Material hailed as sustainable responsible for deforestation

Noor Veenhoven

(last updated at )

Material hailed as sustainable responsible for deforestation

A bio-degradable material made from renewable resources sounds very sustainable, unfortunately, viscose and other rayon materials are not as 'green' as you might think.

Rayon materials such as viscose and lyocell are often hailed as sustainable, since they are made out of wood pulp, a renewable material. Viscose typically doesn't have the most sustainable reputation, since the chemical process to make the silky fabric can be quite bad for the environment. Lyocell on the other hand, is seen as the sustainable cousin of viscose since it uses a lot less chemicals, and the chemicals can be used circularly. 

Deforestation in Indonesia due to pulp tree forests

A new article that has been produced in collaboration with the Pulitzer Center’s Rainforest Investigations Network shows however that rayon materials can lead to mayor deforestation in Indonesia. Large areas of forest have been cleared to make room for Eucalyptus trees; the trees that are used for rayon production. These areas used to be the home of Borneo ironwood and other tropical hardwood trees. Removing these trees and replacing them with a monoculture of Eucalyptus, has a devastating effect on the natural habitat of many plants and animals.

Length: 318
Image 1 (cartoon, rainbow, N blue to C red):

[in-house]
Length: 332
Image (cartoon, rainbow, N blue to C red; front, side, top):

Having a monoculture forest of pulpwood trees gives the same problems as the palm oil forests. They take away the natural habitat of many animal and plant species, and they also don't absorb as much CO2 as the rainforest. 

How to avoid the 'wrong' viscose or lyocell

This is quite difficult since you really have to research where the viscose or lyocell came from, and often brands won't even know the details. There are a few things that can help. TENCEL™, is the fabric lyocell from the company LENZING™, who invented the fabric, has strict rules about their forest management. So products made from TENCEL™ are not responsible for deforestation. LENZING™ also has their own viscose, called ECOVERO™, of which the wood is also sourced sustainably.

You can also look out for the certifications FSC® and PEFC™. These are both certifications for responsible and sustainable forest management. Fabrics that have these certifications can be assumed to not be responsible for deforestation.



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